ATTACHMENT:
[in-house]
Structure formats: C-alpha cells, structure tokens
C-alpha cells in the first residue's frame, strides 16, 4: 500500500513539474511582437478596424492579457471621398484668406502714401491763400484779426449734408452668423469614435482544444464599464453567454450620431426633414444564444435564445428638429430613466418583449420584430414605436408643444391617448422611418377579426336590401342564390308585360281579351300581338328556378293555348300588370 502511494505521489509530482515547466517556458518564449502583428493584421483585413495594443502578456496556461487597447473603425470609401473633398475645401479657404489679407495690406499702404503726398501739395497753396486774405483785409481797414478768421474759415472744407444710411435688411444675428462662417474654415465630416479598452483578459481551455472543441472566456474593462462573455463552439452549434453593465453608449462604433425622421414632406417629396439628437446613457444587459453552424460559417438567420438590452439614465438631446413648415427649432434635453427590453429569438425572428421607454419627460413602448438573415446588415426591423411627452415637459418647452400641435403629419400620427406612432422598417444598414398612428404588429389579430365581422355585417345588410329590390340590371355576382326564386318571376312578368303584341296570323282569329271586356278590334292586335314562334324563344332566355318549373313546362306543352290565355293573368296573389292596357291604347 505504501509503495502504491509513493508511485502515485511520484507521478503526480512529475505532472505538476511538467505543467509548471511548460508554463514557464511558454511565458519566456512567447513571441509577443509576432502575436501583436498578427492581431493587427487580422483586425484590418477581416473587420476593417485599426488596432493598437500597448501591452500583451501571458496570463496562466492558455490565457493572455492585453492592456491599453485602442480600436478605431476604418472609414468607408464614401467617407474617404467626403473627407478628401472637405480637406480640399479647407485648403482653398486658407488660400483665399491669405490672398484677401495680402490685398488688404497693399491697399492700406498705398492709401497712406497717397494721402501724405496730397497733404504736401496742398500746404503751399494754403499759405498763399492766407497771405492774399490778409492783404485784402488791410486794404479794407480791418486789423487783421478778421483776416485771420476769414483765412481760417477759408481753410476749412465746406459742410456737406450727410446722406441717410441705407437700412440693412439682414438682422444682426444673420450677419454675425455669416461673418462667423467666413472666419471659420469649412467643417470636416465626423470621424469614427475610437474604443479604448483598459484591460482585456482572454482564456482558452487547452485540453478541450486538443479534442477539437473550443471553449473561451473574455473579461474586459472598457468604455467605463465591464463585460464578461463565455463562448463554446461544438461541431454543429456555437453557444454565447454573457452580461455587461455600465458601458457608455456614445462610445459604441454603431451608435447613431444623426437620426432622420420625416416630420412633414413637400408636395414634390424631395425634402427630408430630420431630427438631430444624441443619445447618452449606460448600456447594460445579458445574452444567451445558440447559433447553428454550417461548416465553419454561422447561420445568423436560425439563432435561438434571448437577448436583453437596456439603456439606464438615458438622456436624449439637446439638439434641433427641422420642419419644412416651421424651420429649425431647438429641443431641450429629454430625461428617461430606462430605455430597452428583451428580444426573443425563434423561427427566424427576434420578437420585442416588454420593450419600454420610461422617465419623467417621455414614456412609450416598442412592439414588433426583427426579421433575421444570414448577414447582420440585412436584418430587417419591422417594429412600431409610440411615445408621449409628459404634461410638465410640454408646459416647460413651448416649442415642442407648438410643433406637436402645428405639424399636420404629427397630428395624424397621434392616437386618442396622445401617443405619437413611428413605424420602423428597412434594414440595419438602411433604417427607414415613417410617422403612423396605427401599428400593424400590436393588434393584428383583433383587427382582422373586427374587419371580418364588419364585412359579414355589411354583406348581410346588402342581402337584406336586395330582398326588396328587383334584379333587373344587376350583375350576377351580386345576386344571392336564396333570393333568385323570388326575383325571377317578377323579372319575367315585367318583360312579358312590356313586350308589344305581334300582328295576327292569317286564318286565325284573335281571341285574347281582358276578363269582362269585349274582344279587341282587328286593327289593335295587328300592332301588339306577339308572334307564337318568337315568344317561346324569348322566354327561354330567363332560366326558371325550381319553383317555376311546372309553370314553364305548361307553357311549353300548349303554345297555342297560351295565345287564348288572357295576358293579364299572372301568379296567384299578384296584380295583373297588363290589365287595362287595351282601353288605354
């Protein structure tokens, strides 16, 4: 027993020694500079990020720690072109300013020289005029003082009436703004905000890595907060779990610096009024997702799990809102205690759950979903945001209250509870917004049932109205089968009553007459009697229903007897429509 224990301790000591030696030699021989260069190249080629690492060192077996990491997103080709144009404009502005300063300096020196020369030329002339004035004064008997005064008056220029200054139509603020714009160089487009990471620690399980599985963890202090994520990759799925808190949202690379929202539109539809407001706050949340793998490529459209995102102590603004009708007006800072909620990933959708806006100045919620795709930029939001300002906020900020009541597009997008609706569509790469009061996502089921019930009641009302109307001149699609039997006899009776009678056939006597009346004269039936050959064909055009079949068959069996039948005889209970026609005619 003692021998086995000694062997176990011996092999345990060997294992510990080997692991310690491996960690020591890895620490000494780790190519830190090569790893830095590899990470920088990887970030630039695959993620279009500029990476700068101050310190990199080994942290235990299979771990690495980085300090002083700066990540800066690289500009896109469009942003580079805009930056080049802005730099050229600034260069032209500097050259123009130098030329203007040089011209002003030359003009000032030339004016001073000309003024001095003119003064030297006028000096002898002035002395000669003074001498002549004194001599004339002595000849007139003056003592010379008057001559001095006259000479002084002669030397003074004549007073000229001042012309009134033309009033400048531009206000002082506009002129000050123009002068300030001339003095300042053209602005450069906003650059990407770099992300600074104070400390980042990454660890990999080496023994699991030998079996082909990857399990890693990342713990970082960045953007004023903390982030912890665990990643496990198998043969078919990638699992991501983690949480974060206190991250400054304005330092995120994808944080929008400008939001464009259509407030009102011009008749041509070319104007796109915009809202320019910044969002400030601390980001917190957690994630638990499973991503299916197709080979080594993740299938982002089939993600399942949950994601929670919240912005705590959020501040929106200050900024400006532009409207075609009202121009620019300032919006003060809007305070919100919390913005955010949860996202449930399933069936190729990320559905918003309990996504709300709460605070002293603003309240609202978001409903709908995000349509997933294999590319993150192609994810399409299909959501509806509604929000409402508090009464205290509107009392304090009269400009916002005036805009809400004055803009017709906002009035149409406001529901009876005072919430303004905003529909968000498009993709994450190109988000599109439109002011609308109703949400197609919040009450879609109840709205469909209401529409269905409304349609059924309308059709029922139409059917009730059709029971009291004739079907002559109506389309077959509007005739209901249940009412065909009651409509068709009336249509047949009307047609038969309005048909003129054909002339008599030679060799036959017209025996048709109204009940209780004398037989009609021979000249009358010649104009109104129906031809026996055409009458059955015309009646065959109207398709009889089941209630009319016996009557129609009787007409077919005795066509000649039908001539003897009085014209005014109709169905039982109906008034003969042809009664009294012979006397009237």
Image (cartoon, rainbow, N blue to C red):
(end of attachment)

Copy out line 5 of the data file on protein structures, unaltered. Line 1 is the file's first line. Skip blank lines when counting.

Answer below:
Image (cartoon, rainbow, N blue to C red):